Travelling with a baby & kids on a plane
Ten tips on how to cope with travelling on a plane with kids.
1. Babies on planes
Sadly not all children are welcomed on board planes with open arms. According to the NHS website: “If you gave birth less than 48 hours ago, you and your baby will not be allowed to travel on an aeroplane.”
If your birth was by caesarean section then you must wait ten days before soaring into the clouds. However, if your baby is aged between two and seven-days-old and you go to the airport clutching a letter of approval from your GP then you should be able to board a flight.
If you want to keep things simple then just bear in mind the NHS’s advice that “it is best to wait until the baby is over two-weeks old.”
It is common practice for airlines to charge ten per cent of the adult fare for a child under two to fly without their own seat. Buying a child their own seat can cost as little as 50 per cent of the adult fare or as much as 70 per cent.
If you are going to an exotic country, do check whether your child will need a vaccination. Some children might be too young to safely receive a vaccination to protect them against diseases in certain countries – check with the Foreign Office website before you fly.
If your young child has not travelled on an aeroplane before it is best to tell them a little about what to expect before the aeroplane gathers speed on the runway and points its nose at the clouds above. Doing this takes the fear factor out of flying. Books like ‘My First Airplane Ride’ are invaluable ways of psyching young kids up for experiences such as their first trip through airport security.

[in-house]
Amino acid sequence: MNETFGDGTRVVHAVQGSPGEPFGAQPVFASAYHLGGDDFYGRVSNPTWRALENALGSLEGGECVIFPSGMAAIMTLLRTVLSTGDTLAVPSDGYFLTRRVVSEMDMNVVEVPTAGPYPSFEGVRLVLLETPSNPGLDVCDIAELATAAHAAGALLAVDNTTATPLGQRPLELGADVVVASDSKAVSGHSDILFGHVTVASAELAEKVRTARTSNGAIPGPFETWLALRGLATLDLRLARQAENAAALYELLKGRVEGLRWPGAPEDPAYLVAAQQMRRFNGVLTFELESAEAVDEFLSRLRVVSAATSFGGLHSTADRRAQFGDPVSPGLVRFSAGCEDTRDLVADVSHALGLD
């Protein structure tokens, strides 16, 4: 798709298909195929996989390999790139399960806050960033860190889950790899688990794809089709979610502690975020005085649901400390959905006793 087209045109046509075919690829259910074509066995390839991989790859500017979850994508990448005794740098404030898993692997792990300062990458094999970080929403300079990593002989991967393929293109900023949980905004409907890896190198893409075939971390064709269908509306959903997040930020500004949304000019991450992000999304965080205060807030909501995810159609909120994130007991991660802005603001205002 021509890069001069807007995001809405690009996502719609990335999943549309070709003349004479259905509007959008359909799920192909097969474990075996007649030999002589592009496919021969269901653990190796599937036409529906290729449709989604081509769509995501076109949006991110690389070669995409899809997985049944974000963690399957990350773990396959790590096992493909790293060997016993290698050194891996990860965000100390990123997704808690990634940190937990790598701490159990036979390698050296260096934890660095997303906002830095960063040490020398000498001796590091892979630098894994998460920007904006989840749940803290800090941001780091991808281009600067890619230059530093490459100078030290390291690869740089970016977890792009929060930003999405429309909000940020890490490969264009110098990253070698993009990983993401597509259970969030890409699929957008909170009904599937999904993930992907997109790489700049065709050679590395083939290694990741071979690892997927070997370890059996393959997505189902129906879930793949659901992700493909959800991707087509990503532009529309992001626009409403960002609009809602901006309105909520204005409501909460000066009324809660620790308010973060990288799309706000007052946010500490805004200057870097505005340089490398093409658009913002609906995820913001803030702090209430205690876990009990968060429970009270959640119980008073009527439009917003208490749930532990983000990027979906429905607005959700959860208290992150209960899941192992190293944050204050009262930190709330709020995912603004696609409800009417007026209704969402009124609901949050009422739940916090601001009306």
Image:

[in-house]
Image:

5. The night before
If you are going on a long plane journey in the morning – one which, for example, is long enough for an in-flight film to be provided – then it might be an idea to tire your children out the night before your journey.
Letting them stay up later than normal will make them more likely to sleep on the plane – meaning you won’t have to entertain them for as many hours.
6. Pack an emergency bag
Take advantage of being able to take light luggage on an aeroplane by packing an emergency bag. Your bag should be filled with items such as wet wipes, tissues, sealable plastic bags and a change of clothes for the kids should air sickness strike!
7. Pack a fun bag
Aeroplane journeys should be fun experiences. Keeping kids happily occupied during the flight should prevent boredom and improve their (and your) behaviour. So take colouring books, crayons, hand-held games and puzzles. And don’t take items like water pistols as these might well be frowned upon by airport security.
8. Time your arrival at the airport
Arrive at the airport early enough for children to explore all there is to be found there. Airports to you might seem like dreary shiny-floored places filled with Tie Racks, W H Smith branches and jaded frequent-flyers but to your child it’s an exciting new playground!
9. Food and drink
A spill-proof beaker is an essential item for a young child to have on a flight. It’s no fun for either child or parent to be sitting in a damp patch for eight hours because junior has spilled their drink during take-off.
Boiled sweets are ideal to hand to your child as the airport taxis on the runway. Tell them it will stop their ears popping and it might just act as a placebo.
Chocolate sweets and snacks should be kept in reserve as a reward/bribe for good behaviour and don’t take anything too smelly – for example oranges or garlic crisps. You don’t want distressed fellow passengers reaching for the emergency exit because of the pungent nature of your child’s snacks.
10. Have fun!
Treat the flight like an adventure rather than a grim business trip and you, and your child, might just have a first-class travel experience. If they enjoy this flight then they should be happy to clock up air miles in years to come!
by Dave Jonhson of Family Camping Reviews.
Photo credit: “Baby on Board” by Chris & Rhiannon.